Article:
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MG MGB GT V8 Factory Originals Technical - Air Dam

Hi Everyone,

I noticed at the MG 2006 that many of you had air dams on the front. In your opinion, does it make a difference in cooling, stability or just style?

Kelly Combes

While the air dams or spoilers have little effect at low speeds, they will aid cooling over 40+- MPH.

Where they really shine is the stability they add at high speeds. Over 80 mph they will really nail the front end to the ground. In my opinion, regardless of how straight & deserted the road is, the MGB in roadster or GT form in not safe to drive over 110 MPH without a good spoiler, but can be very stable with one at speeds over 125 mph.

Not that I have ever driven that fast on a public road.....
Jim Stuart


It makes a big difference in all 3 areas.
In my opinion it definitely enhances the looks of the front end of the car.
The ST Air dam along with ducting used to force air through the lower part of the radiator and vents to get the hot air out of the engine bay are the way to go IMHO.
As far as stability. With the original front valance, I feel it tended to lift the front end at higher speeds. The LE type spoiler although better does not come close to the ST Air dam. 120MPH and the car was very stable.


Bruce Mills

My front spoiler is an LE replacement from Moss. I think it is a different material from original. It is quite stiff. Makes a huge difference at high speed. Like stated above: no spoiler feels like the front wheels are barely touching the pavement, with spoiler (or air dam) = high speed stability.
Carl Floyd

Okay, I have to ask since I'm struggling with the decision. My plans have been all along to cut and finish some intake openings into my stock '68 valence, along with rad ducting for cooling. But, in quest of stability, I'm tempted to buy an ST or LE dam from Moss or VB, but am loath to pay 135 bucks to VB, or get the cheaper and probably fragile fiberglass ST item from MOss. The alternative that I'm considering is, in addition to openings for cooling, converting my stock valance to an air dam by pop riveting a shaped aluminum lip to the lower edge, like they used to do on Trans-am racers. Any opinions on if this would work? Anyone done this and have any comments or suggestions? Best, Joe
Joe Ullman

Hi Joe
To me, with the V8, it is all about stability at higher speeds and cooling. As I mentioned in an earlier posting, I feel the stock valance actually lifts the front end rather than forces the front end onto the road.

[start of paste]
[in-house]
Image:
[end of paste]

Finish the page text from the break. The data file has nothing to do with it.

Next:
I have a Fiberglass ST Air dam and the only problem I have is paint chips caused by rocks etc thrown up in front of the vehicle from the road. I think it is 135 bucks well spent for stability and cooling.
I think your idea will certainly help with cooling, getting cooler air forced through the lower rad, but I can't see it helping any with stability.
I just completed a 4000 mile trip which involved sitting at the Canadian/US border for 1 1/2 hours in 90 degree heat. The temperature gauge got up to about 3/4 but as soon as I started moving it went right back down.
Ford Falcon/Mustang rad
3000 CFM fan
Buick Water Pump
ST Air Dam to lower rad
Duct Work
@10 % antifreeze (just enough to lubricate the pump)
And louvers high up on the inner fender side panels open to the low pressure wheel wells.
It was the addition of the louvers/vents that really solved my cooling problems


Bruce Mills

Hi Joe,

I just got done with duct work for my MG. It makes a big difference. I use a standard valence panel with the 2 oval shaped openings fully ducted into the radiator. I'm still running a 3.9:1 rear end so getting above 80mph is hard reving, when I get my 3.08:1 rear I may add a front spoiler. Even a 80 the car dithers on the road a bit.

M Mallaby

Guys, thanks for your comments. It still seems to me that about a four inch lip off the valance at a 45 degree angle or so would act as a front spoiler. I'm not too worried at this point about cooling, as I'm confident that with my fenderwell header openings, ducting, and a proper radiator, that "shouldn't" be a problem. I guess I could just try my modified valence, but if it doesn't do anything for stability then it's lotsa wasted work, after doing the openings and all.
I'm wondering what's the difference between Moss's $90 fiberglass ST air dam, and the one from VB for $170. Maybe the material?
Just have to decide what's more valuable to me, time or money at this point. Joe
Joe Ullman

Thanks for all the comments. I have not had any cooling problems but a little extra air flow never hurts. I am thinking about putting a oil cooler on and the ST duct would point right at it. Too much?
I have a ST air dam that's been sitting in the garage so I guess I'll give it a try and see how it works.

Kelly Combes


In our climate, our cars don't really need oil coolers. If you don't use one with an oil temp. thermostat you run the risk of not getting the oil up to proper operating temperature.
Carl Floyd

Thanks Carl, The oil cooler was another one of those things hanging out in the garage too. All I needed was to make the hoses. I was thinking I would have to cover it for half the year anyway. Just gotta tinker you know.

Kelly Combes

This thread was discussed between 15/09/2006 and 16/09/2006

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